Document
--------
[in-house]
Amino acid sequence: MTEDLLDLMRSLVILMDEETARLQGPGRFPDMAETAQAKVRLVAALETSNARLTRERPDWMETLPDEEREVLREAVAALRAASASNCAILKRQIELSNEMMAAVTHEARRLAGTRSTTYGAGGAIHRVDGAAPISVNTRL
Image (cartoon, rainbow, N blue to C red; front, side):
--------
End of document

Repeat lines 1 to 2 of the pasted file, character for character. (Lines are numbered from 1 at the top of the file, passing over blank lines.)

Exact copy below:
[in-house]
Amino acid sequence: MTEDLLDLMRSLVILMDEETARLQGPGRFPDMAETAQAKVRLVAALETSNARLTRERPDWMETLPDEEREVLREAVAALRAASASNCAILKRQIELSNEMMAAVTHEARRLAGTRSTTYGAGGAIHRVDGAAPISVNTRL